Timestamping Smart Ledgers: Comparable, Universal, Traceable, Immune

Long Finance's Distributed Futures research programme is pleased to announce the publication of the report “Timestamping Smart Ledgers: Comparable, Universal, Traceable, Immune”, the latest in a series of exciting projects in the programme.

The report offers insight to support senior business people and policy makers in understanding why timestamping matters. The research outlines current and historic methods for recording the time of an event, as well as the challenges that will be faced in the future as standards of accuracy, frequency, and precision continue to be raised.

The challenges vary by sector. In the world of finance, these challenges include the stringent transaction timestamping requirements laid down by MiFID II Article 25 (or "RTS 25"). In geolocation, the interaction with global positioning systems, themselves subject to relativistic and quantum effects, are equally challenging. For Smart Ledgers, recording the time of transactions is a fundamental feature, yet there are a number of definitions and options that managers choose, often unknowingly, when they instruct their teams.

The research was led by Sam Carter, Financial Sector Researcher and Quant Developer, under the direction of Professor Michael Mainelli, Executive Chairman, Z/Yen Group, and specifically incorporates:

  • The use of Smart Ledgers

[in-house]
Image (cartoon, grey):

• A brief history of timestamping
  • Timekeeping standards
  • Broadcast time
  • Secure timestamping
  • Desirable properties of a timestamping scheme
  • Smart Ledgers and timestamping
  • Finance and regulation
  • Conclusion

As Andrew James, Master, The Worshipful Company of Clockmakers said in his foreword to the report:

“What time is it? When did something happen? When is an event expected? How much time separates two events? Which came first? These questions arise in everyday life and in every kind of discipline. So, I welcome this research that explores accuracy AND precision in the application of time in the brave new world of Smart Ledgers and the impact they will have on all of us, over time….”

Michael Mainelli added:

“It has been apparent since 2008 that regulations require strengthening in order to cope with the challenges presented by high-frequency trading, which comprises a large fraction of modern financial services. Timestamping Smart Ledgers presents a compelling process for securing trades, offering accuracy and precision that is comparable, universal, traceable, and immune. I’m certain that this report raises the questions and challenges that will shape the future debate on this subject.”
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